Former Intern Drops Lawsuit Against CBS, David Letterman's Company

David Letterman

Oliver used to watch David Letterman on a digital channel late at night in the U.K. “And his contempt for people he was interviewing seemed so rebellious to me,” says Oliver. “He would have a boring actor in front of him, and he would expose that rather than try to save him from himself. He’s my absolute favorite.”

Internship lawsuits are everywhere in Hollywood, but it's rare they end this quickly.

The proposed class-action suit filed by former intern Mallory Musallam against CBS and Worldwide Pants — the production company through which David Letterman produces The Late Show With David Letterman — was dismissed on Wednesday. That's less than a week after Musallam filed the Sept. 4 complaint, in which she alleged that her 2008 internship violated New York's minimum wage and overtime laws.

The New York Post is now reporting that Musallam has apologized for the lawsuit and has accused attorneys at the firm representing her, Virginia & Ambinder, of coercing her into suing. "While I am ultimately responsible for my actions as an adult, I was caught in a weak, vulnerable time, facing student debt," she reportedly said, calling her representatives Lloyd Ambinder, LaDonna Lusher and Jack Newhouse at V&A and Jeffrey Brown at Leeds Brown "a beguiling legion of lawsuit-hungry lawyers."

"The inveigling suit squad assured me that my intern work was little more than indentured servitude under newly established laws and that I was just one among other participants,” she reportedly said. In her complaint, she alleged that she and other interns worked more than 40 hours, five days a week.

The offices of Virginia & Ambinder and Leeds Brown have not returned requests for comment.

CBS said in a statement when the suit was filed, “This lawsuit is part of a nationwide trend of class action lawyers attacking internship opportunities provided by companies in the media and entertainment industry. We pride ourselves on providing valuable internship experiences, and we take seriously all of our obligations under relevant labor and employment laws. We intend to vigorously defend against the claims."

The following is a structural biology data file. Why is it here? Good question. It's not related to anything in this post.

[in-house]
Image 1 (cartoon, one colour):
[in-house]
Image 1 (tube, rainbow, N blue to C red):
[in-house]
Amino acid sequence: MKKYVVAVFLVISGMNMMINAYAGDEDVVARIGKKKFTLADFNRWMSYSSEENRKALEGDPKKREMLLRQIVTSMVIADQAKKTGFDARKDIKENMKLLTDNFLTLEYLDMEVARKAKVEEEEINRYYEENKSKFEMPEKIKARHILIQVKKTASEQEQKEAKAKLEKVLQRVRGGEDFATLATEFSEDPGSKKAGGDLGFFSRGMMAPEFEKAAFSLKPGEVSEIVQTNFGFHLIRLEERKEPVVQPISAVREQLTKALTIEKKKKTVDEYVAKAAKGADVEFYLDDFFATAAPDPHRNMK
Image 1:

Musallam's suit was one in a wave of litigation over internships in the entertainment industry. There are cases currently in progress against companies including NBCUniversal, Viacom, Marvel Entertainment, Warner Music Group and recently ICM.

One of the most significant cases, Eric Glatt and Alex Footman's suit against Fox Searchlight over their internships on the Oscar contender Black Swan, ended with a summary judgment win for the former interns in 2013 and a certification for them to lead a class-action lawsuit against Fox Entertainment Group. Fox appealed the case, and it is currently under examination.

The legal fortunes of other former interns were not so good. Earlier in 2013, a judge refused to certify a class-action suit against Hearst for some 3,000 former interns at fashion magazines owned by the publisher, including Harper's Bazaar, Marie Claire and Cosmopolitan.

Twitter: @Asiegemundbroka